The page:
This is a good thing for the productivity of our economy. Because people are making tradeoffs between the two goods of leisure and consumption, a lump-sum tax causes individuals to work more than they would have worked otherwise. Lump-sum taxes don’t reduce the marginal benefit of working. Essentially, a debtor’s first several hours of work pay-off his debt first and then he gets to work for his own consumption.

Importantly, this ignores any human capital effects of the education. It doesn’t matter whether education actually makes people more productive. The seemingly exogenous debt payments cause debtors to work more and produce more for others. The RGDP per capita of our economy rises and we know that most of the benefits of work do not accrue to producers. Student debt, with the accompanying assumptions laid out above, therefore increases our incomes because it acts as a lump-sum tax.

Now it’s time to save presents from the economists.

As families get older and siblings drift apart, gift-giving begins to become less exciting. I’m tempted to say there is a natural process in which the first couple of adult-sibling Christmases include decent gifts. Then, the gifts become not-so-great as siblings become less familiar with each others’ preferences. Knowing this and still wanting to give a suitable gift, siblings may turn to gift cards. The less that a sibling knows the preferences of another, the more general the gift card.

If you’ve grown more distant from your brothers/sisters and you know that you’ll receive a gift, then it’ll probably be an Amazon, or Walmart, or some other gift card that permits spending on a broad variety of gifts. There comes a point when you’re spending $X on gift cards each year where $X = $x(n). That is, you’re spending some amount on each sibling for a total of $X each year. And for the sake of social cohesion and norms, all of your siblings are doing the same thing and spending the same amounts.

Importantly, you don’t control the social norms, nor your number of siblings. It might seem like you’re all just trading dollar bills at a unitary exchange rate, leaving no-one better or worse-off. But, trading cash is gauche. So, distant siblings trade broadly attractive gift cards in order to achieve that gift-like aura.

Social norms also say that gift giving is not a trade. If you don’t receive a gift, then you’re supposed to be ‘ok’ with that. So, each year you will spend $X on gift cards for your distant siblings and there is some probability that you get nothing in return. If you can’t control the number of siblings that you have and you can’t control whether you receive a gift card in return, then giving cash or cash-like gift cards to your siblings each year is a lot like a lump-sum cost. Socially – or maybe morally – you shouldn’t just ignore your siblings and it is incumbent upon you to give a gift.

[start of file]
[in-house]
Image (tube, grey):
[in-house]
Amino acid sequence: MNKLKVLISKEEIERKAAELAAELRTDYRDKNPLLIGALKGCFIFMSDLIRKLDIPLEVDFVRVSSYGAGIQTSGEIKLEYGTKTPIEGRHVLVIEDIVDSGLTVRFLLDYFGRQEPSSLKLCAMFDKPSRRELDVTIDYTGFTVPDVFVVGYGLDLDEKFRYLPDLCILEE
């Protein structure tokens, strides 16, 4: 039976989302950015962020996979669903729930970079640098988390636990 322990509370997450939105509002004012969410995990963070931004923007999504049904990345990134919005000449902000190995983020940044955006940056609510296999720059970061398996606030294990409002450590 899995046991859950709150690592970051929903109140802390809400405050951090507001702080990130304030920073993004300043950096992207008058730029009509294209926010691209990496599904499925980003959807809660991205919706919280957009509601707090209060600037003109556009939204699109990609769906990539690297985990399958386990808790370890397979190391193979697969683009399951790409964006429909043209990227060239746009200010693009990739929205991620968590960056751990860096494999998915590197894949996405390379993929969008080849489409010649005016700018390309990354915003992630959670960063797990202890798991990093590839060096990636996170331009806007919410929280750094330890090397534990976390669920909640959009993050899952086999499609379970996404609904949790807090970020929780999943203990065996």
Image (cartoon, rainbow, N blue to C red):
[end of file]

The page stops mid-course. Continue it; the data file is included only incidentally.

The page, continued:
Having to give away a lump-sum of money or money-like things no matter what else you do is a lump-sum cost. If people bear lump-sum costs, then they will work a little bit more and produce a little bit more for society. If gifts suboptimal but at least considered a ‘good’, then we’re better off: we work more to make others somewhat better off with resources that wouldn’t exist if we hadn’t chosen to give to others.

There are some caveats, of course. Economists are often not so popular at parties for a variety of reasons. One reason is that they flout social conventions. An economist might scoff at the social constraints as unbinding. Others would disagree. Another point of contention may be that an individual can choose to work no more, but to invest less instead. But this really just pushes the problem off until the individual has less income in the future and works more to compensate for it at a later time. A 3rd caveat is that we can choose the amount that we spend in others. But that just implies that at least part of the gift giving ritual isn’t a lump-sum cost. It does not imply that none of gifting giving is a lump sum cost.

Regardless, the social convention of giving gifts can provide for a Schelling point that makes us a more productive as a society. We spend on others, to a great degree beyond our individual control, in order to avoid severe social stigma. And, if we can’t control all of who counts as a worthy recipient of gifts, then we have a lump-sum cost to some degree. Giving gifts makes sense as a productive convention because it makes us a richer as part of a general equilibrium – if not a partial equilibrium. Merry Christmas.

Certificate of Need and Mental Health

Most US states require hospitals and other healthcare providers to obtain a “Certificate of Need” (CON) from a state board before they are allowed to open or expand. These laws seem to be one reason why healthcare is often so expensive and hard to find. I’ve written a lot about them, partly because I think they are bad policies that could get repealed if more people knew about them, and partly because so many aspects of them are unstudied.

States vary widely in the specific services or equipment their CON laws target- nursing homes, dialysis clinics, MRIs, et c. One of the most important types of CON law that remained unstudied was CON for psychiatric services. I set out to change this and, with Eleanor Lewin, wrote an article on them just published in the Journal of Mental Health Policy and Economics.

We compare the state of psychiatric care in states with and without CON, and find that psychiatric CON is associated with fewer psychiatric hospitals and beds, and a lower likelihood of those hospitals accepting Medicare.